by Jayci Bishop
“You have to evolve as a farmer, and if you don’t learn something new every single year, then you are not out here doing any good,” Jason Wallace said. “You need to learn something every single year and just put that in your toolbox. You don’t have to do the same thing every year, but you need to have a toolbox there where you store all those memories and everything that happened in the last however long you’ve been farming.”
The Wallace Brothers’ toolbox is full of experience, hard work, and lessons from themselves and the generations that came before them. Jason and Kelby Wallace are continually adapting and looking toward the future of their farming operation. “That’s the way we have always done it” is not a phrase they often use. Their fourth-generation family operation evolved from what it looked like five or 10 years ago and is wildly different from when their dad, uncle, and grandfather were farming. Today they work together to farm cotton, wheat, rye, and alfalfa in Blair, Oklahoma.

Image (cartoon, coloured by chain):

“Farming has changed a lot in the last 10 years here,” Jason explained. “We used to be conventional till, furrow water irrigation with some pivot and a little bit of drip. Now we have changed that to trying to run everything through cover, trying to build up the soil.”
Over the past 10 years, the Wallace Brothers have improved soil health by switching to air-injected dry fertilizer rather than solely relying on anhydrous ammonia. The changes in practice have paid off through better yields. Incorporating no-till practices into their operation provides other benefits besides more pounds. Before no-till, they struggled to control the sand blowing after a storm to protect their crop from destruction.
“We have a lot of sandy, highly erodible soil around here,” Jason said. “So when we start putting that cover crop in there and building that organic matter back up in that soil, the wind could be blowing 40-50 miles per hour out here, and I am confident my cotton is protected down there because it’s down in its little shield with the stubble. That’s just one aspect of it. Another big one is increased weed suppression.”